Cloud accounting and its swiftly growing market has garnered quite a bit of attention over the last couple of years, and it looks like things are just getting started.
And the potential market is vast. Consider that there are more than 11.5 million small businesses (1-20 employees) in the United States and another 20 million independent contractors, and it’s clear to see that the cloud accounting market has barely tapped the market.
The cloud accounting leader, Intuit, for example, has just about 575,000 under its QuickBooks online system (1.57 million users), while Xero accounts for another 250,000 businesses and Kashoo coming up third, with about 150,000 businesses.
Although some of the market for businesses such as Intuit, for example, will come from customers transferring from desktop accounting systems, the majority of the growth of cloud accounting has actually been from non-desktop users, according to the latest Intuit data. In fact, Intuit reports that 70 percent of QuickBooks Online users are actually new customers to the company.
Everyone seems to agree on one thing: that the market for cloud accounting is wide open. One of the only obstacles of companies like Intuit is to make those small businesses that use nothing more than a spreadsheet to keep track of their numbers actually become comfortable with trusting that their data will be secure in online environments.
Cloud computing vendors aren’t just focusing their marketing efforts on small businesses, either. Professional accountants and financial advisors may be the key piece of the puzzle for companies like Intuit when encouraging cloud accounting adoption.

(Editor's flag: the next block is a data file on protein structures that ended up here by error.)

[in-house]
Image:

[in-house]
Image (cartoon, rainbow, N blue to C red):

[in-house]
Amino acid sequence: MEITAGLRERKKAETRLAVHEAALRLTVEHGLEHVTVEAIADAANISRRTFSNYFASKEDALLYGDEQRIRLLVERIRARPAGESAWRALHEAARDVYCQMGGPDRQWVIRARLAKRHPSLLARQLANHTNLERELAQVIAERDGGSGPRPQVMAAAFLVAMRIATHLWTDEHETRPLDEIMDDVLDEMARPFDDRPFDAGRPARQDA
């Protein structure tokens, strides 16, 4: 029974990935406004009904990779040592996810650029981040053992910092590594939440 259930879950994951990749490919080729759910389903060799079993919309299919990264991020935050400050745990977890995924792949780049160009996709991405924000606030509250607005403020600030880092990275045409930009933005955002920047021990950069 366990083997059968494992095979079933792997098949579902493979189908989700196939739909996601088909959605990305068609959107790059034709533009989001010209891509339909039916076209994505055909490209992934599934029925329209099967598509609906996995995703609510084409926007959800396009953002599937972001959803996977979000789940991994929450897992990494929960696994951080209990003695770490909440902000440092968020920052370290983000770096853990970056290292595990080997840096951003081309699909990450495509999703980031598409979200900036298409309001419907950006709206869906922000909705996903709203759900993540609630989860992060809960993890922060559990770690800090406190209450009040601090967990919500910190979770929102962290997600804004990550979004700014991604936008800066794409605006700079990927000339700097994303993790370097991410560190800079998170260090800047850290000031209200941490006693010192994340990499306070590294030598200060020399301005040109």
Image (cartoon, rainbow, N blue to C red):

Many vendors, in fact, are reaching out to CPAs and other public accountants who often serve small businesses. Their programs, which are developed to help not only clients but their accountants, as well, are designed to forge stronger relationships with the very professionals who are often quite influential over small business accounting purchases.
Many cloud accounting systems even offer professional versions, such as QuickBooks Online Accountant, which allows CPAs to access their clients’ data, thereby allowing them to enjoy better collaboration and eliminate the hassle of IT problems and data transfers.
For many vendors, it just makes good business sense to attract professional accountants and financial advisors, as these professionals are often ahead of the curve when it comes to adopting cloud technologies within their own accounting firms. In fact, according to a recent survey by the American Institute of Certified Public Accountants, about half of all respondents used some type of cloud-based services for their own business within the past year.